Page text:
How Fair Trade Grew
Variances in the experience of producer countries strongly affect how fair trade markets have evolved.
From coffee shops to grocery aisles, products that feature a Fair Trade logo are now ubiquitous in developing countries. But that’s a relatively recent development. Although the fair trade movement emerged in the 1950s, the current system—one that is built around certification and labeling—didn’t come along until 1987. Before labeling, only people who had connections to a direct sales network could buy fair trade goods.
Kristen Shorette, an assistant professor of sociology at Stony Brook University, has studied the factors that have constrained or enabled the fair trade movement. During the direct-sales era, she has found, one factor that determined the amount of fair trade production in a given country was its experience of being colonized by a European power. A legacy of British colonization tended to enable fair trade markets, whereas a legacy of French or Portuguese colonization tended to constrain fair trade. “A lot of the decolonization processes happened after World War II, when fair trade was just getting under way,” says Shorette. “The British worked to set up economic and political institutions so that their colonies would be successful following independence. The French and Portuguese really didn’t. They fought wars to keep those colonial relationships, and when [those wars] ultimately ended, they more or less severed ties with their colonies.” Another factor that correlated strongly with fair trade activity during the direct sales era was the presence of the US Peace Corps: The more Peace Corps activity there was in a country, the more robust its fair trade market was likely to be.
The advent of certification changed all that. “After the market got reorganized around the labeling system, colonization and Peace Corps ties no longer mattered,” says Shorette. “Even if you have a million Peace Corps volunteers in a country, it doesn’t predict any more or less fair trade activity.” Instead, what now predicts a high level of fair trade production is whether a country has ties to international NGOs—particularly those that promote human rights and environmental conservation. That’s because certification systems have become an increasingly common way to advance those goals. “The move to labeling negates the effect of international political ties, but it heightens the effect of being connected to world society,” says Shorette. Links to INGOs “don’t cause fair trade,” she explains. “But they are an indicator that a country is more in tune with global culture.”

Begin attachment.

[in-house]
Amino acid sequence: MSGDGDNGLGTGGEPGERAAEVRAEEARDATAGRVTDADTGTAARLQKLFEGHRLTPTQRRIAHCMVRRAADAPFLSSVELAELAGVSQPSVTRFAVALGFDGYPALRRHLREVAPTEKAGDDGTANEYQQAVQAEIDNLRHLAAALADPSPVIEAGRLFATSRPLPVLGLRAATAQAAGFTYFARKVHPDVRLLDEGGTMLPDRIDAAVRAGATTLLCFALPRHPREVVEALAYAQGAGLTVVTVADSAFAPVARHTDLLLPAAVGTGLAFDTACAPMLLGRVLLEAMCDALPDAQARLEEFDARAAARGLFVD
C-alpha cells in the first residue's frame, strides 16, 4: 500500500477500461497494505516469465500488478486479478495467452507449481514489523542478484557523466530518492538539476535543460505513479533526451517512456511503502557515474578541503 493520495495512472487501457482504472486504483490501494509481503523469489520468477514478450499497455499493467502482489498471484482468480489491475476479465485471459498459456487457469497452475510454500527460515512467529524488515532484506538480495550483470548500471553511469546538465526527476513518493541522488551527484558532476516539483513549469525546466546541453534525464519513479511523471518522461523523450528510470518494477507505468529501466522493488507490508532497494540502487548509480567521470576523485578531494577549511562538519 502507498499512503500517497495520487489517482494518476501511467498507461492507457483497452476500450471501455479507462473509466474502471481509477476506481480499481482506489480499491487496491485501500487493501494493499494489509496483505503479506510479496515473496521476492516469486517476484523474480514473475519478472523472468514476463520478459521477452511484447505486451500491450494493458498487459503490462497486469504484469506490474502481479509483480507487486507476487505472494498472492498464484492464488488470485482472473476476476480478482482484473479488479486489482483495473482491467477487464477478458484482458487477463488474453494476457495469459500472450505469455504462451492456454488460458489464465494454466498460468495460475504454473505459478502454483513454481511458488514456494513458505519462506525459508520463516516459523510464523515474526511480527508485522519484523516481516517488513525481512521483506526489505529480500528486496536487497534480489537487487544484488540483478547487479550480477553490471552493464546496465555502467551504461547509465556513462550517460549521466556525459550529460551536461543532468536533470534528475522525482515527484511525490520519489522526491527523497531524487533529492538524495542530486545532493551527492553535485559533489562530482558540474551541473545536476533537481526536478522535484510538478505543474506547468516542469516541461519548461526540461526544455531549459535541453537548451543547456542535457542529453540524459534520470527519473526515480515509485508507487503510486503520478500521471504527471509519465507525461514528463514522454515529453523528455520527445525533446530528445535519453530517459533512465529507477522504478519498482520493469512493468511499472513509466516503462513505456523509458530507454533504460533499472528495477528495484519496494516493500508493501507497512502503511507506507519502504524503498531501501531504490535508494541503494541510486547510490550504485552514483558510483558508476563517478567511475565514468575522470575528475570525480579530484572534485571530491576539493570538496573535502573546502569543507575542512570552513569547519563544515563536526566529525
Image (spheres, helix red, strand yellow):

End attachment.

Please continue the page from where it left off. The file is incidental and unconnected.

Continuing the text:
Shorette located a list of all producer associations that belong to the World Fair Trade Organization, determined when each of them was founded, and compiled data on how many of them were present in 113 countries from 1970 to 2010. She then used a complex statistical regression to model changes in the level of fair trade activity in each country. “I expected the transition from a direct sales network to labeling to be important, but I didn’t expect it to have such a profound effect,” Shorette says. “[Labeling] doesn’t just enable the market; it changes how everything else affects the market.”
A hallmark of Shorette’s research is that it focuses not so much on the consumption of fair trade products as on their production. “What I really like about her paper is that it fills in the back story about what’s necessary for people to produce fair trade goods,” says Emily Barman, an associate professor of sociology at Boston University, who studies market-based efforts to improve social welfare. That information is crucial, Barman notes, for those who are “trying to figure out how to grow these types of markets, and how to grow other market-based solutions—such as impact investing or microfinance—to social problems.”
Kristen Shorette, “Institutional Foundations of Global Markets: The Uneven Emergence and Expansion of Fair Trade Production, 1970-2010.”